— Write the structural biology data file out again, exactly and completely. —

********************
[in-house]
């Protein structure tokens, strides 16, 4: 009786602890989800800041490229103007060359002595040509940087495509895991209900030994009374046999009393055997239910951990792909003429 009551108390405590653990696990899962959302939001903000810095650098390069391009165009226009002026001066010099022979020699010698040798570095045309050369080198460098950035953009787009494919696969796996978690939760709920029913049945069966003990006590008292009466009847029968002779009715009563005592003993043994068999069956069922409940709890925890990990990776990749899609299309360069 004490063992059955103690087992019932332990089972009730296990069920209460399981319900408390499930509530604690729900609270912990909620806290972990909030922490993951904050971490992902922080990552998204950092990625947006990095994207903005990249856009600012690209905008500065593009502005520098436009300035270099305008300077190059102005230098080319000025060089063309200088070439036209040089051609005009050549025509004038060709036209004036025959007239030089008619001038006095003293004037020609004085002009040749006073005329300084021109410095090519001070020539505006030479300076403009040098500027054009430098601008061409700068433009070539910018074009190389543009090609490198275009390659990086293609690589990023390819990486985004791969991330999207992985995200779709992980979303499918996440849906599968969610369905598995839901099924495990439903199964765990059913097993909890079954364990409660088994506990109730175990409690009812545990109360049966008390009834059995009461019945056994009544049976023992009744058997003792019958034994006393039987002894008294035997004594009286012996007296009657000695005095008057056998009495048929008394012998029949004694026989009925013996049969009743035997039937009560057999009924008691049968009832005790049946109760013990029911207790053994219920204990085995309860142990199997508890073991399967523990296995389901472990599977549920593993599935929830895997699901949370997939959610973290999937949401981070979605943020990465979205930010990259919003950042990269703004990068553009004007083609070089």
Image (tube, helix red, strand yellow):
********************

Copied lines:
[in-house]
């Protein structure tokens, strides 16, 4: 009786602890989800800041490229103007060359002595040509940087495509895991209900030994009374046999009393055997239910951990792909003429 009551108390405590653990696990899962959302939001903000810095650098390069391009165009226009002026001066010099022979020699010698040798570095045309050369080198460098950035953009787009494919696969796996978690939760709920029913049945069966003990006590008292009466009847029968002779009715009563005592003993043994068999069956069922409940709890925890990990990776990749899609299309360069 004490063992059955103690087992019932332990089972009730296990069920209460399981319900408390499930509530604690729900609270912990909620806290972990909030922490993951904050971490992902922080990552998204950092990625947006990095994207903005990249856009600012690209905008500065593009502005520098436009300035270099305008300077190059102005230098080319000025060089063309200088070439036209040089051609005009050549025509004038060709036209004036025959007239030089008619001038006095003293004037020609004085002009040749006073005329300084021109410095090519001070020539505006030479300076403009040098500027054009430098601008061409700068433009070539910018074009190389543009090609490198275009390659990086293609690589990023390819990486985004791969991330999207992985995200779709992980979303499918996440849906599968969610369905598995839901099924495990439903199964765990059913097993909890079954364990409660088994506990109730175990409690009812545990109360049966008390009834059995009461019945056994009544049976023992009744058997003792019958034994006393039987002894008294035997004594009286012996007296009657000695005095008057056998009495048929008394012998029949004694026989009925013996049969009743035997039937009560057999009924008691049968009832005790049946109760013990029911207790053994219920204990085995309860142990199997508890073991399967523990296995389901472990599977549920593993599935929830895997699901949370997939959610973290999937949401981070979605943020990465979205930010990259919003950042990269703004990068553009004007083609070089």
Image (tube, helix red, strand yellow):